Physical and functional characterisation of apoptotic cell-derived extracellular vesicles

Lois Hawkins, Khaled Alghareeb, Vinod Nadella, Parbata Chauhan, Charlotte E. Bland, Andrew Devitt

Research output: Contribution to conferencePoster

Abstract

Damaged, aged or unwanted cells are removed from the body by an active process known as apoptosis. This highly orchestrated programme results in the exposure of 'flags' at the dying cell surface and the release of attractive signals to recruit phagocytes. Together these changes ensure efficient phagocytic removal of dying cells and prevention of inflammatory and autoimmune disorders.
Extracellular vesicles (EV) are released from a variety of cells (both viable and apoptotic) and they serve as a novel means of intercellular communication. They range in size: 70-100nm ('exosomes') through 100-1000nm ('microparticles') to large vesicles released from dying cells ('apoptotic bodies'). Release of apoptotic cell-derived extracellular vesicles (acdEV) of less than 1000nm is an important mechanism by which phagocytes are attracted to sites of cell death. Using a variety of approaches we characterize the release, physical characteristics and function of acdEV. Using fluorescence microscopy we demonstrate release of ICAM-3 on acdEV from dying leukocytes and, through the use of resistive pulse technology (qNano, IZON Science), we accurately size and quantitate acdEV release. The function of acdEV is revealed through the use of both horizontal chemotaxis assays (Dunn chambers) and vertical transwell migration assays (Cell-IQ, CM Technologies). These assays reveal potent chemoattractive capacity of acdEV and associated ICAM-3. Additionally we demonstrate an additional novel function of acdEV as anti-inflammatory immune-modulators. These data support an integrated approach to the physical and functional analyses of EV.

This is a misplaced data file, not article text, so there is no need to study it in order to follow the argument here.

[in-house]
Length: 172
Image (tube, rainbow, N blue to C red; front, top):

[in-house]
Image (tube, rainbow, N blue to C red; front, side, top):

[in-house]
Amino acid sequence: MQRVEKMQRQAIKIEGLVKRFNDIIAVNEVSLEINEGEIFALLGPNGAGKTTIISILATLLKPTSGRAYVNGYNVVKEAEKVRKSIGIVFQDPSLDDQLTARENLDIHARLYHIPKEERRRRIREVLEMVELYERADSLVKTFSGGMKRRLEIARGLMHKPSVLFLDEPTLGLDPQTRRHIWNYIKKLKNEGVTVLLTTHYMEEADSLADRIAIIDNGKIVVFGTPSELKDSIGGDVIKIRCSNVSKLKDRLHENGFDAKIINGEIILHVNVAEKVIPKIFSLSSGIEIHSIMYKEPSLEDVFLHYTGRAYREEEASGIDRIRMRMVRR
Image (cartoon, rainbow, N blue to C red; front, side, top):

LanguageEnglish
Publication statusPublished - 2014
EventBritish Society for Immunology (BSI) annual congress - UK, Brighton, United Kingdom
Duration: 1 Dec 20144 Dec 2014

Congress

CongressBritish Society for Immunology (BSI) annual congress
Abbreviated titleBSI Congress
CountryUnited Kingdom
CityBrighton
Period1/12/144/12/14

Fingerprint

Phagocytes
Cell Migration Assays
Extracellular Vesicles
Exosomes
Technology
Chemotaxis
Fluorescence Microscopy
Leukocytes
Cell Death
Anti-Inflammatory Agents
Apoptosis
Cell Body

Cite this

Hawkins, L., Alghareeb, K., Nadella, V., Chauhan, P., Bland, C. E., & Devitt, A. (2014). Physical and functional characterisation of apoptotic cell-derived extracellular vesicles. Poster session presented at British Society for Immunology (BSI) annual congress, Brighton, United Kingdom.
Hawkins, Lois ; Alghareeb, Khaled ; Nadella, Vinod ; Chauhan, Parbata ; Bland, Charlotte E. ; Devitt, Andrew. / Physical and functional characterisation of apoptotic cell-derived extracellular vesicles. Poster session presented at British Society for Immunology (BSI) annual congress, Brighton, United Kingdom.
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Hawkins, L, Alghareeb, K, Nadella, V, Chauhan, P, Bland, CE & Devitt, A 2014, 'Physical and functional characterisation of apoptotic cell-derived extracellular vesicles' British Society for Immunology (BSI) annual congress, Brighton, United Kingdom, 1/12/14 - 4/12/14, .

Physical and functional characterisation of apoptotic cell-derived extracellular vesicles. / Hawkins, Lois; Alghareeb, Khaled; Nadella, Vinod; Chauhan, Parbata; Bland, Charlotte E.; Devitt, Andrew.

2014. Poster session presented at British Society for Immunology (BSI) annual congress, Brighton, United Kingdom.

Research output: Contribution to conferencePoster

TY - CONF

T1 - Physical and functional characterisation of apoptotic cell-derived extracellular vesicles